The corporate environment supporting PENTAX-style image quality
Noise which one photographer doesn’t care about at all may be an annoyance too serious to overlook for another photographer. Details you think are fine may be unsatisfactory to your neighbor. Naturally, the standards and preferences of image quality vary from person to person. How, then, does PENTAX create its unique image-quality style?
PENTAX engineers have acquired a common perception of “target image quality,” without actually describing it in words. This was developed through numerous assessment meetings held by expert technicians from different fields. While it is true that human sensibility differs from one engineer to another, the preferred image quality started to take shape through an endless exchange of opinions. Unfavorable factors were clearly noted at the same time, and stored as the essential part of image quality assessment. All the engineers agreed that PENTAX was just the right size of company to make these exchanges of opinions possible.
Monday is the day to assess the images captured over the previous weekend by the team, using the test models. The image-processing team members take the results into account to improve noise-reduction and imaging performance, and then they go out on photo sessions again on the following weekend. For the development of the PENTAX K-1, they spent an enormous amount of time on this process. Only in the final stage of development did they become convinced that the goal of ISO 204800 was almost within their reach.
“A top sensitivity of ISO 204800 gives you greater flexibility in attaining the desired image quality at practical sensitivity levels. At ISO 12800, for instance, you take a glance at the image, and immediately notice that its detail and resolution are far better than those of previous SLR cameras, even though the perception of noise may vary from person to person. I’m confident that many people will agree with me on this point.”
PENTAX Blue: the color most prominent in 35mm full-frame images
A dramatic blue sky and lively green trees in scenic photography: the PENTAX K-1 inherits PENTAX Blue, a term affectionately used by Pentaxians (PENTAX camera enthusiasts). A technician in the image-processing team explains: “We are trying to create memory colors, rather than faithfully reproducing original colors. In particular, blues and greens are the colors that decide the impression of scenery. That’s why we work hard to reproduce rich, dramatic tones of these colors.” Although today’s SLR cameras provide a high-saturation mode in their default settings, the saturation level is more subdued now for most makers than it was earlier. In fact, PENTAX is probably the only manufacturer to offer such high saturation and rich tones.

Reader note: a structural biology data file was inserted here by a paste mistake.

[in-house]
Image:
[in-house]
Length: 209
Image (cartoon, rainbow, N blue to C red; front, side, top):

“PENTAX’s Bright and Vibrant modes are often avoided by other manufacturers, because higher saturation and richer tones essentially result in more noise. However, it is our strength in image-processing technology that lets us maintain the same expression of noise regardless of a selected shooting mode. This is a tradition we are all proud of.”
Even though it may not sound technically logical, it is the mission of PENTAX engineers to deliver the colors desired and favored by Pentaxians. Today, a camera is a cluster of high technologies, which continue to advance day by day. PENTAX believes, however, that, no matter how advanced technologies may become, image quality is always something perceived by the human eye, and is the product of human sensibility. The PENTAX K-1 is the camera that reminds you of this indisputable fact!